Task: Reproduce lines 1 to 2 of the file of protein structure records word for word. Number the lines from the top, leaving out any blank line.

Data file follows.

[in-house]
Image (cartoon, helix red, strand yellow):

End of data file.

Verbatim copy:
[in-house]
Image (cartoon, helix red, strand yellow):